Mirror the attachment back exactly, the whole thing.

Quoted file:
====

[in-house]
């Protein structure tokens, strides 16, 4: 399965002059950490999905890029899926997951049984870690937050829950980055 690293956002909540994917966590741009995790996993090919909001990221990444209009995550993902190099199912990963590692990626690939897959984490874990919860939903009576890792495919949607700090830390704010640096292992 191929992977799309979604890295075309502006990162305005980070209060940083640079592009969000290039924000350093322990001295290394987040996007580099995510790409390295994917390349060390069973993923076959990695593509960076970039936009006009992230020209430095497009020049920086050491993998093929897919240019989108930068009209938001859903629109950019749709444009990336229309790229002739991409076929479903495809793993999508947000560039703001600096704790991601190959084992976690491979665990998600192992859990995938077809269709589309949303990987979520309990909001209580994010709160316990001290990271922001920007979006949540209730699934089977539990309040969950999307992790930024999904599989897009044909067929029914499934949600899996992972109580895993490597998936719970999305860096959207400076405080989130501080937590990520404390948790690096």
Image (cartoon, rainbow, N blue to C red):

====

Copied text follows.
[in-house]
């Protein structure tokens, strides 16, 4: 399965002059950490999905890029899926997951049984870690937050829950980055 690293956002909540994917966590741009995790996993090919909001990221990444209009995550993902190099199912990963590692990626690939897959984490874990919860939903009576890792495919949607700090830390704010640096292992 191929992977799309979604890295075309502006990162305005980070209060940083640079592009969000290039924000350093322990001295290394987040996007580099995510790409390295994917390349060390069973993923076959990695593509960076970039936009006009992230020209430095497009020049920086050491993998093929897919240019989108930068009209938001859903629109950019749709444009990336229309790229002739991409076929479903495809793993999508947000560039703001600096704790991601190959084992976690491979665990998600192992859990995938077809269709589309949303990987979520309990909001209580994010709160316990001290990271922001920007979006949540209730699934089977539990309040969950999307992790930024999904599989897009044909067929029914499934949600899996992972109580895993490597998936719970999305860096959207400076405080989130501080937590990520404390948790690096």
Image (cartoon, rainbow, N blue to C red):